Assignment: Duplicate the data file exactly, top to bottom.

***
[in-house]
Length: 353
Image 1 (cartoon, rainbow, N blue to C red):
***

[in-house]
Length: 353
Image 1 (cartoon, rainbow, N blue to C red):